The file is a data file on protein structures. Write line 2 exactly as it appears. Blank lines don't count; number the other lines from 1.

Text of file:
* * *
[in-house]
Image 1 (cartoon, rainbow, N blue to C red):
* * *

Image 1 (cartoon, rainbow, N blue to C red):